Established in 1972, the Woodland Trust now has over 1,000 sites in its care covering over 22,500 hectares. These include over 100 sites in Wales, with a total area of 2,897 hectares (7,155 acres). It offers free public access to nearly all of its sites. The Trust’s Welsh language name, “Coed Cadw”, is an old Welsh term, used in medieval laws to describe protected or preserved woodland.

Charter for Trees, Woods and People

The Tree of the Year competition is run in support of the Charter for Trees, Woods and People – an initiative that sets out 10 tree principles to embed in our society for a future where people and trees are stronger together. Find out more and voice your support at treecharter.uk

About People’s Postcode Lottery

People’s Postcode Lottery manages multiple society lotteries promoted by different charities and good causes. People play with their chosen postcodes for a chance to win cash prizes. A minimum of 32% from each subscription goes directly to charities and good causes across Great Britain and internationally -- players have raised £382 million so far. For details of the charities and good causes which are promoting and benefitting from the lottery draws, please visit https://www.postcodelottery.co.uk/good-causes/draw-calendar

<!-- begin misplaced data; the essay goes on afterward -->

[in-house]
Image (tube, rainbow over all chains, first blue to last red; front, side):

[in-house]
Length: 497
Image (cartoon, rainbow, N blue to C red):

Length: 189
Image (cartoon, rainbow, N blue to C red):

It costs £10 a month to play and winning postcodes are announced every day. The maximum amount a single ticket can win is 10% of the draw proceeds, subject to a maximum of £400,000. For details, please visit www.postcodelottery.co.uk/prizes

New players can sign up to pay using direct debit by calling 0808 10 9 8 7 6 5. New players who sign up online at www.postcodelottery.co.uk can pay using direct debit, debit card or PayPal.
Postcode Lottery Limited is regulated by the Gambling Commission under licence numbers: 000-000829-N-102511 and 000-000829-R-102513. Registered office: Titchfield House, 69/85 Tabernacle Street, London, EC2A 4RR
Follow us @PostcodePress